Psychology Orlando

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Your Mental Health Professional: Functions

Deborah O. Day, Psy.D - Tuesday, March 19, 2013

Parents have an important interest at stake in the outcome of forensic mental health evaluations. There are a range of functions for mental health professionals once a parenting plan evaluation has been completed. The attorney can confidentially retain a work product review expert to provide a critical analysis of a colleagues’ child custody evaluation/parenting plan assessment. This includes a critical reading of the evaluation report, the underlying documents relied on to render the report, and offer advisory feedback to the retaining attorney regarding the methods utilized to reach the conclusions. Ethical standards for work product reviews are set out in the American Psychological Association's (APA) Ethical Principles of Psychologists and Code of Conduct and the Specialty Guidelines for Forensic Psychologists.

Attorneys may engage a consultant that provides support to the parent participating in the evaluation, which includes education about the nature and purpose of the assessment. The consultant usually performs this function before the evaluation takes place or while it is being conducted. Please note that education is not coaching and coaching has been identified as an inappropriate role for psychologists and mental health professionals. The Association of Family and Conciliation Courts (AFCC) Child Custody Consultant Task Force identified rehearsing the litigant’s responses to questions on standardized tests, coaching answers, encouraging a litigant to make temporary or insincere changes in behavior solely for strategic positive impression management reasons, or suggesting that a litigant withhold important information are unacceptable and unethical behaviors for a consultant. The consultant can speak with the attorney about the forensic mental health evaluation, review the quality of the assessment, and aid the attorney by providing direct or cross-examination questions of the evaluator. If the consultant meets with the party, in very rare cases would that consultant provide testimony. Because the consultant assists with the development of trial strategies, the consultant remains confidential and is not available for deposition or trial.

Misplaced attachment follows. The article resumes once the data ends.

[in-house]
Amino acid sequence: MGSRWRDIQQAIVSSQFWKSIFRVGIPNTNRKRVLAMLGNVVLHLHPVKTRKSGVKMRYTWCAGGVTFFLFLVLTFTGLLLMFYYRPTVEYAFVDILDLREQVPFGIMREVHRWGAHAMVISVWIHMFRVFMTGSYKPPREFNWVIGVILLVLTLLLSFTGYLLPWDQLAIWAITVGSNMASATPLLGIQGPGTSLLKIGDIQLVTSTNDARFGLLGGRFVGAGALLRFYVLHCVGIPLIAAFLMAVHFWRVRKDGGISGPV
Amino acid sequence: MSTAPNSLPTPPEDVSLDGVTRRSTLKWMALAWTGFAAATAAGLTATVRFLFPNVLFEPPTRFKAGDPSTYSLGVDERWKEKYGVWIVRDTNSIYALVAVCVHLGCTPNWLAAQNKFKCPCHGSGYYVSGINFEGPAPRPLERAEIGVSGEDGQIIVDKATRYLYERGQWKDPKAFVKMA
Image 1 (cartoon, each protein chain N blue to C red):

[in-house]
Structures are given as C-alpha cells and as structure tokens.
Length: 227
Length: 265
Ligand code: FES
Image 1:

Occasionally, the attorney may seek an educational consultant. This psychologist or mental health professional is hired to provide the court education/limited information not directly about the person or family be evaluated. An example of hiring an educational consultant might be for the sole purpose of educating the court regarding the psychological theory/models utilized by professionals in relocation cases, child sexual abuse cases, or certain psychological conditions, specific psychological tests, or mental illness.

Remember, it is improper for experts to express an opinion about credibility of another expert or on the validity of another expert’s opinion. From the cases, experts can be asked how expert’s conclusion differs from other experts’ conclusion to show that the other expert failed to consider proper factors. Additionally, Florida Rules of Evidence 90.706 says that statements of facts or opinions on a subject may be used in cross-examination of an expert witness.

Most of the above identified issues, with the exception of the GAL and social investigator/parenting plan evaluator, will need the assistance of attorneys to develop their presentation to the court, which includes a review of their expert credentials, background, achievements, writings, and experience. The attorney should have their expert ready to discuss all the information and materials used to arrive at their opinions, and to feel comfortable that their opinions are based on a reasonable degree of psychological probability. Prepare your expert to explain and defend any assumptions made in arriving at the opinion and ensure that your expert understands the difference between advocating and defending their opinions.